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TCNJ business professor says communicating global “corporate social responsibility” is good for business

EWING, NJ—The College of New Jersey School of Business Professor Karen Becker-Olsen has established a link between sales and international activism.

A recent published study co-authored by Becker-Olsen demonstrates that consumers associate more prestige with brands they consider to be “global,” and a firm’s communication of a global corporate social responsibility (CSR) project tends to improve a consumer’s perception of a brand’s “globalness.” Consumers will reward companies that successfully communicate their programs to help the global community.

Her research will be presented in the next issue of The Journal of International Marketing, the American Marketing Association’s foremost resource on today’s international marketing environment. In the article, “A Cross-Cultural Examination of Corporate Social Responsibility Marketing Communications in Mexico and the United States: Strategies for Global Brands,” the authors show that, despite cultural differences, consumers world-wide expect firms to participate in good citizenship on a global scale.

In light of the many natural disasters that have recently devastated the global community, Becker-Olsen said that this study highlights the need for firms to step up and be part of the response.

“Firms, and their customers and investors, need to see that they have a unique position that allows them to mobilize resources quickly and efficiently – and in the case of disasters, perhaps more so than governments or non-governmental institutions,” she said.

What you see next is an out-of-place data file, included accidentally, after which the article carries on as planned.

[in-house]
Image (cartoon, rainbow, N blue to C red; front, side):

This study was inspired by her work with the Finnish company Nokia six years ago. In early discussions, managers at Nokia suggested they were doing lots of great things, but did not “talk” about those things, she recalled.

“Culturally, Scandinavian companies and customers do not really talk about CSR—very different from the United States,” said Becker-Olsen. “I suggested they think about how to maximize their CSR impact in other regions and that CSR might be able to eventually help build their brand.”

According to Becker-Olsen, CSR programs should be viewed by companies and communities alike as “win-win scenarios.” She said that she advocated for strong strategic CSR programs because of the community benefits that tend to follow.

“CSR not only builds brands and strengthens firms by allowing them to become part of a given community, but it also strengthens the community.  From an ideal perspective, CSR is a mechanism that provides a win-win scenario. Companies win via increased loyalty from consumers, and communities win from increased support in terms of social service funding, reduced environmental impact, stronger safety records, and fair labor practices,” she said.

Becker-Olsen is an associate professor of management, marketing and interdisciplinary business at The College of New Jersey. She received a PhD from Lehigh University in business and economics with concentrations in marketing, economics and statistics in 1998. She has worked as a business analyst for companies like Nokia and Time Warner Publications. Her research in the fields of branding, consumer behavior, corporate social responsibility, and marketing strategy have appeared in numerous publications.

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